A First-Timer’s Guide to Lunar New Year
The Chinese Lunar New Year is the world’s most widely celebrated festivity, but it can also be the most intimidating for the uninitiated — especially when it comes to feasting, which is at the heart of this holiday. Between the preparation for feasting and the feasting itself, there are many, many rules. Here are a few to help newcomers navigate the New Year festivities.
Prep for the New Year
First of all, there’s the ritual of prepping for the New Year, which involves shopping for new clothes (for a fresh start); wearing red (an auspicious color); and cutting your hair before the holidays, but not during (scissors and anything sharp = “cutting” into and thus “shortening” your lifespan). Also, clean your house (to ward off evil spirits) and serve everything in eights, or at least in pairs (for harmony and wealth since the number eight, ba, is a homophone for wealth, fa, in Chinese).
All this — and we have yet to feast!
Eat Lucky Foods
Speaking of feasts, New Year celebrations bring out the best in Chinese cooks, with dishes like shark’s fin soup, Peking roast duck, steamed sea bass, dumplings, and braised vegetables. The table is abundant with delicious and also lucky foods that will usher in auspiciousness for the new year: oranges for wealth, sticky rice for a prosperity (nian gao translates literally into “year high,” or “to rise higher”). Since the shape of jiaozi, or Chinese dumplings, are similar to ancient gold or silver ingots, they, along with oranges, also symbolize wealth. Try making your own tang yuan, rice balls (similar to mochi) filled with sweet sesame paste in a ginger sauce.
Rice dishes and sweet steamed rice flour cakes, which symbolize the recurring and life-giving qualities of rice; red foods (adzuki beans, pomegranates), which symbolize the color of happiness; green foods (broccoli, peas, bok choy), which symbolize the color of jade or wealth all flourish on New Year’s tables. Long, uncut noodles, a symbol of longevity, hold the highest place. All Chinese celebrate their birthday on the seventh day of New Year’s celebrations, and the oldest family member gets the longest uncut noodles.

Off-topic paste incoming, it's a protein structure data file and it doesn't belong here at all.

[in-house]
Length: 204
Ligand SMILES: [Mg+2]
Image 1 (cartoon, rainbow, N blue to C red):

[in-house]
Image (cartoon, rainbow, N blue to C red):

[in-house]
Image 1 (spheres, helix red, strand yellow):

Another imperative part of a Chinese New Year feast is yu, or fish, which must always be served whole (with tail and head intact) so as to ensure wholeness in the coming year for not only yourself, but also those at your dinner table. And when serving the fish, always make sure the head of the fish is pointed to the guest of honor (who is often the oldest person at the table). So go ahead and give that lazy Susan a spin so that the head of the fish is properly aligned … that is, if your own head isn’t spinning by now.
Avoid Unlucky Foods
In addition to the aforementioned “lucky” foods, there are also a few to avoid. For example, serving lobster at your New Year’s celebration is an absolute no-no, as they move backwards and could therefore lead to setbacks for you and your party in the year ahead. Don’t even think about eating fried chicken — the consumption of anything winged is discouraged, as your good luck could fly away. Because the chicken scratches backwards, it would result in yearlong regret and dwelling on the past.
Don’t Worry, Be Lucky
If this seems like a lot of rules to follow for a party, that is because it is. Don’t worry about accidentally indulging in a piece of fried chicken or forgetting to dust your room. Even though I make my living running Asian food and culture festivities, I still make plenty of cultural faux pas at the dinner table, like sticking chopsticks vertically into a bowl of rice, which is a signifier for burial rituals (yikes!).
All in all, just remember this: Eat a lot, drink even more, talk loudly, burp with gusto, and repeat, stopping every so often to remind yourself of how lucky you are.